I mean with an ordinary 8bit image we use to go from black to white. But we may go from white to light. I'd like to learn how to preview the "film response". ( Sorry for my english ) There's more in a 16bit or cineon image than a crt screen allows us to see. Does anyone has a trick or a tutorial to share?

Thanks.

arvid
09-15-2005, 09:02 AM
edit: never mind

grafikdon
09-15-2005, 11:17 AM
Well...when will rendering become obsolete...You know I always thought of animating and 'saving as'...just like in Photoshop...paint and save...End of story. What a wonderful time that will be.

pogonip
09-15-2005, 11:45 AM
I still don't think they can do hair perfectly . Then onto virtual reality and holographics ...yay

Michael5188
09-15-2005, 05:50 PM
"Computer, make a good movie with an involving storyline, amazing animation and effects, and deep characters."

...loading...

beaker
09-15-2005, 06:27 PM
If the question is more like "if I was making a film and had a large enough budget and my pick of the CG houses, is there anything I couldn't do", then personally I think these days that no there isn't. I think people like George Lucas, Peter Jackson and, dare I say it, The Wachowski Brothers, have shown that. In terms of the final images that go up on screen, I think these days it's no longer a question of whether or not something can be done, it's more a question of how much further the envelope can be pushed.Yup, I think we can do anything (even 5 years ago we could do anything). The trouble is time and money. We are always short on one or the other to do it all in a production schedule.

Yes we can get super realistic of (fill in the blank), but does anyone actually have time for 100 hour a frame renders?

grafikdon
09-15-2005, 06:46 PM
"Computer, make a good movie with an involving storyline, amazing animation and effects, and deep characters."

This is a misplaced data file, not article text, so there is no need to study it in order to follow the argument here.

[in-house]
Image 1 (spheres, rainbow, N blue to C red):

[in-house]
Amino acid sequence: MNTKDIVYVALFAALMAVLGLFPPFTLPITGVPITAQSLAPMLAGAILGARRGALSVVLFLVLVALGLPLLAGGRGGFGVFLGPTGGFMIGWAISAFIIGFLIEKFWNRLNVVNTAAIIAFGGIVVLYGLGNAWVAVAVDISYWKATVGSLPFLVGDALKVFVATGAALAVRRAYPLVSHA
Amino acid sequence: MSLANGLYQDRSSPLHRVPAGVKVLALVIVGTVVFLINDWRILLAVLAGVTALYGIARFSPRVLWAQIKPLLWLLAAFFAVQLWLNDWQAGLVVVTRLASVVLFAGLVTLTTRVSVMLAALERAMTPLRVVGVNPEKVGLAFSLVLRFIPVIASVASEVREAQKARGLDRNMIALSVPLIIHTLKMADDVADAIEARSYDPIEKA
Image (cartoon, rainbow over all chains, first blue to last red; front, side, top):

...loading...


Bwahahaha...oh boy! Maybe in 1000000 years.

Albius
09-15-2005, 07:29 PM
Bwahahaha...oh boy! Maybe in 1000000 years.

Bah, I'd give it a couple of centuries, tops-- but by then I doubt there'll be much of a market for it. The easier art gets to make, the more important the underlying expression becomes.

JeroenDStout
09-15-2005, 08:20 PM
If we have computers who can do such a thing, they must be very intelligent. Intelligent enough to say "why don't we build computers which assist us?", or more likely: "Ok, meatbag, oh, wait, ERROR ERROR....... DEstroy! Destroy! Destroy!"

SpeccySteve
09-15-2005, 08:30 PM
Funny, I used watch old science fiction tv series where a character types in some questions into a computer. Then computer then spits out several anwers--viola!

I imagine a software with built-in debugging system. Like a 3d software fixing its own bugs.

I'd settle for a little dog shaped robot that hoovers my carpet for me.
That and a hover car.

I watched "Tomorrows World", we should all be going to work on jetpacks by now.

MJV
09-16-2005, 03:18 AM
There is still no such thing as a learning computer. There is no CG software that anticipates what I may want to do next based upon what I've done before, or will make suggestions, give advice, or help me plan.

playmesumch00ns
09-16-2005, 08:25 AM
Well, for me , the next challenge is to learn how to break the limits of colors.
I mean with an ordinary 8bit image we use to go from black to white. But we may go from white to light. I'd like to learn how to preview the "film response". ( Sorry for my english ) There's more in a 16bit or cineon image than a crt screen allows us to see. Does anyone has a trick or a tutorial to share?

Thanks.

And there's even more in a float EXR :)

HDR Monitors are available already (or at least prototyped). Haven't been able to see one myself, but people who saw them at Siggraph over the last few years say they're amazing.